“If you were Abraham’s children, you would be doing the works of Abraham. But now you are trying to kill me, a man who has told you the truth that I heard from God; Abraham did not do this. You are doing the works of your father!”

John 8: 39-41

Yesterday I experienced one of those exceptional and, in a good way, disturbing moments in life. A very good friend said to me: “As a religious community in the Church, you guys don’t have the right to just say who you are on your own. You have a responsibility to us, and you need to dialogue with us who we need you to be.”

Our Congregation is currently in the midst of preparation for what we call a General Chapter, an every six year event at which we look at who we are as a group and how we are to become more faithful to our call. Yet, much of the conversation around this event has, so far, been quite intramural in nature. As has been true for so much of my religious life since the second Vatican Council, we have been struggling to discover where God is leading us and what the world is asking of the inheritance we have received from Brother Ryken and his first followers. At times this happens harmoniously and at other times in rancor and conflict. Yet, too often, it happens in forgetfulness of the challenge that my friend posed to me.

Now this admittedly is a very unique reading of today’s gospel passage. Yet, it has, I think, universal implications. One of the great mistakes we make from the point of view of our pride form of life, of our illusory sense of separateness, is that our lives are own own. While, of course, we have the absolute right to self-interpretation regarding our lives and life-direction, the “self” who interprets must never forget that in our very being we are a “field of formation.” We are not just our own inner life of feelings, thoughts, and imaginings, but we are also our relationships with others, our daily life situation, and our insertion in the wider world. And at the heart of all of this is the Divine presence that is always calling us to realize the unique image of Christ we are called to be. 

So, Jesus tells his listeners that if they were truly Abraham’s children, they would be doing Abraham’s works. Since they are not, whatever they say they cannot claim to be children of Abraham. If they do the works of the evil one, they are the children of the evil one. We are known for who we are by the “works” that we do. We discover what our works are to be through an ever-growing attention and meditative reflection on the field of formation that is our life.

And so, when my friends says to me that we need to listen to the needs of the Church and the world, to what they need of us, not what we are telling them they need, he is teaching us about how to discern God’s will for us. My friend, who is married and awaiting the birth of his first child, is well aware that he and his wife live out their love and commitment to each other and the generativity that love enables, not only for each other and their own children but for the sake of the world. They deepen in their commitment to each other and grow in love because the Church and the world needs them to realize together who they are called to be, that Christ may continue to be manifest and realized uniquely in them. And for us who have professed to live a life that makes no sense if God is not the ultimate source and goal of life, what does the Church need from us? It is to live together in such a way that our common life may be a living reminder of the ultimacy of God. It is to witness to the truth that in spite of and even because of human frailty finally the mercy and love of God will prevail, in our individual lives, in our human relationships, and in our global reality.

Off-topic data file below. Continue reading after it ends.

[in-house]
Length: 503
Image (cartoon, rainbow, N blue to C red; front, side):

I think my friend was saying that he and the Church need the witness of our poverty as a sign that human fulfillment lies not in status and consumption, of our chaste celibacy as a sign that love of the other is first and foremost a profound and abiding respect for the unique life and call of all others, and of our obedience as a witness to the truth that in our loving and doing of God’s will is our and the world’s peace. My friend’s observation challenged me to acknowledge a difficult and painful truth. We are not to reframe the contours of our way of life in order to justify our own desires for comfort and complacence, for status and success as the world measures it, but rather to challenge our infidelities to our call and our deficiencies in loving and caring. Our lives in continuing formation are to be lives that call for a constant conversion and recommitment to the way to which we have been called and to the witness that our brothers and sisters need from us. 

We must acknowledge that in some cases, it is a matter of being unable to pass from an ordinary administration (management) to a guide who measures up to the new situation in which it is important to act wisely. It is not an easy task to go from the simple administration of a well-known situation to leading others towards unknown destinations and ideals with a conviction that generates real trust. It is not enough to focus on strategies of mere survival, but requires the necessary freedom to launch processes, as Pope Francis continues to remind us. A ministry to lead that can solicit real synodality by fostering a dynamism of synergy is becoming ever more necessary. Only in this communion of intents will it be possible to manage the transition with patience, wisdom and foresight.

New Wine in New Wineskins, p. 26

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